I’m confused; if it’s attested in this sense from 1931, why is it a 1941 word?

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Posted: 10 November 2011 01:51 PM   [ Ignore ]   [ # 5 ]
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Great stuff, as always, Dave. Keep up the good work. 

Shangri-la

Lost Horizon was Pocket Book No. 1. The transparent film coating, I recall, used to peel off those early Pocket Books very easily. One tended to pick at it obsessively, the way one picked at scabs on injured knees.

Wikipedia says that Wuthering Heights (Pocket Book No. 7) was a best-seller in Pocket Books. Considering that the book had already been around for almost a hundred years, one might assume that its selection by Pocket Books, and publishing success, may have been connected with the appearance of the movie (L. Olivier, M. Oberon, D. Niven) a year or so earlier. Perhaps Lost Horizon (which had also been around for several years) also got picked for Pocket Books because of the movie, which starred Ronald Colman.

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Posted: 10 November 2011 03:38 PM   [ Ignore ]   [ # 6 ]
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Good year for the acronyms.

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Posted: 10 November 2011 03:40 PM   [ Ignore ]   [ # 7 ]
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I’m confused; if it’s attested in this sense from 1931, why is it a 1941 word?

1931 is a typo by Dave.

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Posted: 10 November 2011 03:45 PM   [ Ignore ]   [ # 8 ]
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BTW I posted all of this elsewhere. One fellow, an Australian, said that the original jeep was a car, not a truck.

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Posted: 10 November 2011 03:50 PM   [ Ignore ]   [ # 9 ]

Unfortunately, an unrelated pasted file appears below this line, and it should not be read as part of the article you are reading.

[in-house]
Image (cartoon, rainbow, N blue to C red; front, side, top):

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I’ve never heard “juvie” used to refer to a person. I hear it as referring to a place of incarceration for juveniles.

The OED doesn’t record that sense until 1966.  However, it’s not clear that the 1941 cite means “juvenile delinquent”; it’s from a compilation of “Hash House Lingo” and is glossed simply as “child”.  Based on that, it appears to mean simply “juvenile” (n.) but not “delinquent”.

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Posted: 10 November 2011 04:58 PM   [ Ignore ]   [ # 10 ]
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The U. S. Army classified the jeep as a “quarter-ton truck.” But feel free to call it a car. You say potato, I say potato. (That doesn’t really work in print, does it.)

Thanks for the corrections all.

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Posted: 11 November 2011 03:23 AM   [ Ignore ]   [ # 11 ]
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Dave Wilton - 10 November 2011 04:58 PM

The U. S. Army classified the jeep as a “quarter-ton truck.” But feel free to call it a car. You say potato, I say potato. (That doesn’t really work in print, does it.)
.

Doesn’t bother me one way or the other

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Posted: 11 November 2011 04:49 AM   [ Ignore ]   [ # 12 ]
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Corrections made. I’m keeping Krebs as the headword because that’s how it’s listed in the OED. I’ve italicized the entire term Krebs cycle in the text though.

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Posted: 17 November 2011 08:23 AM   [ Ignore ]   [ # 13 ]
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V-sign, n. The sign, denoting victory ...

I an astonished to see that the rude version, with the back of the hand forwards, is not recorded in print by the OED until seven years after the Churchillian version.